Close to half of the experts at the European Food Security Agency have conflicts of interest that call into question the validity of the agency’s work, according to a new study by Corporate Europe Observatory (CEO). EURACTIV France reports.
“46% of [EFSA] panel members have at least one financial conflict of interest with a regulated company,” the NGO wrote in its damning report published on Wednesday (14 June).
EFSA has the task of evaluating potential risks to the European food chain and providing independent scientific advice.
Food safety compromised?
But the independence of many of agency’s scientists is questionable, according to CEO.
The study, simply entitled “Recruitment errors”, opens with a blunt question by epidemiologist David Michaels: “If it is dangerous to rely on scientists with financial conflicts of interest to interpret raw data, why should we depend on these scientists to provide advice to the regulatory agencies?”
Four years in a row, the European Parliament has called on EFSA to ensure it is above the influence of the agri-food industry. A 2013 CEO study concluded that 60% of the agency’s experts had ties to companies whose products EFSA was evaluating. Despite the Parliament’s demands and the repeated scandals at EFSA, the situation has evolved little in the intervening four years.
Yet, evaluaing the risks posed by the industry’s products represents two-thirds of EFSA’s mission. So the effectiveness of the agency’s independence policy has a direct impact on the substances consumed by millions of European citizens every day.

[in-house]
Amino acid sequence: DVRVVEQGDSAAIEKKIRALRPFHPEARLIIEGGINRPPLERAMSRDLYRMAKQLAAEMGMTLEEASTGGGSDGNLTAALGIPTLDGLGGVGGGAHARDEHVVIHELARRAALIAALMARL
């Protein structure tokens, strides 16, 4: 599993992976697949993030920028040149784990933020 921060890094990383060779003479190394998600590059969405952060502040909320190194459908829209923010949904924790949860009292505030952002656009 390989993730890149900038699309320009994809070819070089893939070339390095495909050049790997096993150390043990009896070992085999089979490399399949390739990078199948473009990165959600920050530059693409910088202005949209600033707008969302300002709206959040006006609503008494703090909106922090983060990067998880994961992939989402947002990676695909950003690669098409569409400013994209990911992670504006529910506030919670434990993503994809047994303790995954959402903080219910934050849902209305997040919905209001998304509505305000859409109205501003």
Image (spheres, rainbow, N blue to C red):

EFSA strongly rejected the conclusions of the CEO study. A spokesperson for the agency said the NGO’s figures were “misleading and based on a specific interpretation of financial interests that EFSA does not agree with”.
“To be clear, the financial interests of all experts working on EFSA’s Panels have been assessed carefully according to the authority’s strict rules on independence,” the spokesperson added. Where EFSA’s ongoing investigations are liable to conflict with the financial interests of certain experts, these scientists are “not allowed to become panel members unless they divest those interests”.
In a press release, the agency said it would discuss CEO’s recommendations on independence at the next meeting of its administrative council on 21 June.
EFSA plans to adopt its new independence policy at this meeting. But according to the CEO report, “the draft policy is not sufficient”.
The emblematic case of glyphosate
The latest of controversy to shake EFSA was the renewal of the authorisation for glyphosate, a common herbicide used in agricultural and domestic weed killers. The substance, labelled a probable carcinogen by the International Agency for Research on Cancer (IARC) and suspected of being an endocrine disruptor, was judged perfectly safe by the European agency.
The decision unleashed outcry among environmental and consumer protection organisations. They say the studies EFSA used to formulate its opinion should be made available for public scrutiny. But producers of glyphosate have so-far managed to withhold their data, saying its publication would be a violation of trade secrets.
Critics of glyphosate argue that legislation affecting public health should not be based on secret studies paid for by the chemical’s producers themselves. Public opinion in several EU countries supports this view: a European Citizens’ Initiative launched last year has crossed the threshold of a million signatures needed for the Commission to give it consideration.
MEPs have also asked the EU executive “What specific measures [it is] considering […] with regard to transparency and the role of scientific peer-reviewed, publicly available studies in the evaluation of active substances.”
A group of four Green MEPs have already launched a legal challenge against EFSA’s refusal to provide the documents necessary for a cross-evaluation. Their objective is not only to gain access to the documents concerning glyphosate but to increase transparency and change the way the agency functions.